I mentioned to readers of these columns, my creative writing ambition; I've shared the goal with others in the Free State Project. What I have in mind as my first "major work" (if another author wants to scoop me on this, please be my guest; the movement needs this healing idea put on the street really soon): a short semifictional accountI call it a noveletteof the successful struggle for liberty as told from 25 years into the future.
My political objective is indirect. By means of the book, I consciously intend to insert a memea meme is a piece of important replicating informationof the "sacred" nonaggression principle into culture. By establishing nonaggression as an overriding moral imperative and making it as powerful or more powerful than other common imperatives, e.g. "love thy neighbor," "have faith in God," and so on, we can set up the world for a much-needed long cycle of healing.
At that point, that is with the right fertile pre-mind soil thrown down, advice of down to earth masterpieces such as Mary Ruwart's Healing Our World, can grow fruit. For peace of mind, I spend a little demo time to satisfy myself I can write fictional passages. It may not be Hemingway, but think about The Celestine Prophecy, hardly celestial literature, but it sold tens of millions (and apparently it's even becoming a motion picture).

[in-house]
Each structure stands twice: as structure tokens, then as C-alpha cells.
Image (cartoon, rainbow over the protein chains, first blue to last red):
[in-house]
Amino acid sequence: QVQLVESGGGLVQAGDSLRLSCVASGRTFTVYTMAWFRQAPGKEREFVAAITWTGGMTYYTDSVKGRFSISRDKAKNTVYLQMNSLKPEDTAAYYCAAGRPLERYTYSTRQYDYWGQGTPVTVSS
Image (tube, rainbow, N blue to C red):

So that's it. I'm not working to a firm deadline, but I hope to have the discipline to make it happenat least have it writtenby the next Porcfest. Publishing alternatives are many, including a webpub. At the Keene Meet and Greet I attended, recall I mentioned Jim Maynard pointed me toward lulu.com. The FSP, in reality and in my novelette, is an extremely important piece of the future history of the successful struggle for liberty.